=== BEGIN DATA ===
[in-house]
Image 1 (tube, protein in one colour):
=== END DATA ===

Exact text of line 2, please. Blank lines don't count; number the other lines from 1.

Image 1 (tube, protein in one colour):